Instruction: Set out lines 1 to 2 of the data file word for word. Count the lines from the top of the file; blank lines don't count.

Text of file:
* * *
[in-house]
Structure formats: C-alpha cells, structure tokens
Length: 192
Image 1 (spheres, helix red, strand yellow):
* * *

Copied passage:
[in-house]
Structure formats: C-alpha cells, structure tokens